The cultivation of all of the strains examined showed a typical two-phase profile with an initial phase of exponential growth from about hours 0 to 7 and a phase of lysine production from hours 7 to 25. This is exemplified for C. glutamicum ATCC 13032, ATCC 23287, and ATCC 21543 (Fig. (Fig.2).2). Drastic differences were observed in the formation of the main product, lysine, and biomass. While the wild-type strain, C. glutamicum ATCC 13032, produced only 1 mM lysine in 25 h, much higher lysine concentrations of 15 and 16 mM were observed for C. glutamicum ATCC 13287 and ATCC 21543, respectively (Fig. (Fig.2).2). The beginning of lysine secretion coincided with the depletion of threonine, known as an inhibitor of the aspartokinase in the lysine biosynthetic pathway, from the medium (Fig. (Fig.2).2). The wild-type strain, C. glutamicum ATCC 13032, continued to grow until the glucose was completely consumed (Fig. (Fig.2A).2A). In contrast, all other strains, which are hsd-negative mutants and therefore cannot grow in the absence of threonine, showed a distinct reduction of growth and substrate uptake during the phase of lysine production, as shown for C. glutamicum ATCC 13287 and ATCC 21543 (Fig. 2B and C). The observed doubling of the biomasses of C. glutamicum ATCC 13287 and ATCC 21543 after the depletion of threonine can be explained by the utilization of endogenous threonine (26). The main lysine formation activity of C. glutamicum ATCC 13287 was observed from hours 7 to 15 (Fig. (Fig.2B).2B). From hours 15 to 25, lysine formation was weak for this strain. In contrast, C. glutamicum ATCC 21543 showed a rather linear increase in lysine concentration during the whole production phase. Cultivation of C. glutamicum ATCC 21253 and 21526 revealed a typical two-phase profile similar to that of C. glutamicum ATCC 21543 (data not shown). Accordingly, lysine production was characterized by reduced substrate uptake and an almost linear increase of the lysine concentration. The measured yields of all strains during the lysine production phase from hours 7 to 25, which was of central interest in the present work, are given in Table Table1.1. The data shown are mean values from two parallel incubations, (i) on [1-13C]glucose and (ii) on a mixture of naturally labeled and [13C6]glucose, respectively. As shown, the strains differed markedly in the stoichiometry of growth and product formation. The biomass yield of the parent strain, C. glutamicum ATCC 13032, was 60.7 mg (dry mass) of cells mmol of glucose−1 and thus was significantly higher than the values of the succeeding generations. This is mainly due to the auxotrophy for homoserine introduced in the latter strains, causing a growth reduction with the depletion of threonine and methionine in the medium. The biomass yields among the different mutants were rather similar, with values between 39.4 and 43.3 mg (dry mass) of cells mmol of glucose−1. The most remarkable difference between the parent strain, C. glutamicum ATCC 13032, and the succeeding mutants of the genealogy is the achieved increase in lysine yield from 11.8 mmol mol of glucose−1 to values between 173.1 (for C. glutamicum ATCC 13287) and 249.2 (for C. glutamicum ATCC 21543) mmol mol of glucose−1 related to strain optimization (Table (Table1).1). Thus, the product yield increased by >20-fold through five cycles of random mutagenesis and selection. However, the increase in yield was not equally distributed over the single cycles but mainly showed two major steps, after the first and fourth mutagenesis selection cycles, which were accompanied by a 15-fold and a further 1.5-fold increase in yield, respectively. In addition to lysine, different by-products, such as other amino acids, organic acids, and the disaccharide trehalose, were formed (Table (Table1).1). The by-products stemmed from different parts of the central metabolism, such as glucose 6-phosphate (trehalose), the upper glycolysis (glycine and glycerol), pyruvate (alanine, valine, lactate, and pyruvate), acetyl-CoA (acetate), and the TCA cycle (glutamate, α-ketoglutarate, and succinate). In comparison to the wild-type strain, the formation of by-products was decreased significantly in all succeeding generations of lysine-producing mutants. This is reflected in the amounts of carbon secreted in the form of by-products during the phase of lysine production. Whereas C. glutamicum ATCC 13032 secreted 62.3 mol carbon of by-product during the lysine production phase, only 35.4 to 46.3 mol carbon of by-product was produced by the other strains. This was mainly due to a marked decrease in compounds originating from pyruvate and from the TCA cycle, while the formation of by-products from glyceraldehyde stayed relatively constant in all strains. Interestingly, the mutants with increased lysine production revealed >2-fold-higher trehalose secretion than C. glutamicum ATCC 13032. Furthermore, in regard to the stoichiometry, the measured yields in the parallel flasks for each strain showed excellent agreement, as depicted by the deviation between the two parallel flasks (Table (Table1).1). It can be concluded that the cells were provided with comparable conditions in parallel flasks and thus revealed comparable characteristics of growth, substrate uptake, and product formation. Therefore, the consideration of combined labeling data from the two parallel experiments for the calculation of the intracellular flux distribution is justified for each strain. The provision of identical conditions in the parallel flasks was aimed at in the experimental setup, where the only difference between two parallel flasks for a strain was the addition of the stock solution of the corresponding tracer substrate.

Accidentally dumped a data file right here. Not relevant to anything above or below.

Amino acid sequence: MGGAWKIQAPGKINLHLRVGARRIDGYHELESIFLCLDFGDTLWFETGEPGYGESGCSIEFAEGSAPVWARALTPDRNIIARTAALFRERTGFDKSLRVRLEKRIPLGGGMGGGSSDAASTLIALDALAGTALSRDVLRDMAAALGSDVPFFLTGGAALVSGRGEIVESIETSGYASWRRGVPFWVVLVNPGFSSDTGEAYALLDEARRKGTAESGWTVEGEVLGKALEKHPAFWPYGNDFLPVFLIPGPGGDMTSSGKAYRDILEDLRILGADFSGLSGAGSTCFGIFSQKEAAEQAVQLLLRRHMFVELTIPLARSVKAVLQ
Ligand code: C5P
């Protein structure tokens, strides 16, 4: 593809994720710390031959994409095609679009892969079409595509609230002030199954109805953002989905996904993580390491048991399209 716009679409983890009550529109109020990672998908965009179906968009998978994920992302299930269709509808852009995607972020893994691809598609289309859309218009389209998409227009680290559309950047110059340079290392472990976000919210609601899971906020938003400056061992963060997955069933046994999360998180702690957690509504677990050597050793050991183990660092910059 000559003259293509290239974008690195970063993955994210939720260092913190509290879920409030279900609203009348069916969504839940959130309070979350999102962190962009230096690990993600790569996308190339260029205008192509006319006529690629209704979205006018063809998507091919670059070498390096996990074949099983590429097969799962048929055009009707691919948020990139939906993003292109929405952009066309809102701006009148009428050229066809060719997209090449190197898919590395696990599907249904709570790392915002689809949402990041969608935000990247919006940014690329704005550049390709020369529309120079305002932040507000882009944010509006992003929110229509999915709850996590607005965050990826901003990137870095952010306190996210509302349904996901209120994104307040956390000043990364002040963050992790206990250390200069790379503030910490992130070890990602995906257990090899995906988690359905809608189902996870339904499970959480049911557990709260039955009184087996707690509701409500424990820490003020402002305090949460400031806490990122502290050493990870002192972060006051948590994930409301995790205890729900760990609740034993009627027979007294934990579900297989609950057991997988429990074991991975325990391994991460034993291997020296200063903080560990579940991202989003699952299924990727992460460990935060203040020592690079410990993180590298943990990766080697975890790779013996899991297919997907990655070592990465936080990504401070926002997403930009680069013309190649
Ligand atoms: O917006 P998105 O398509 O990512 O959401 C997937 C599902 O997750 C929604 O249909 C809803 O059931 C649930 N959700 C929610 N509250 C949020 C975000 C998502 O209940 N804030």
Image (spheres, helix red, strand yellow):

FIG. 2.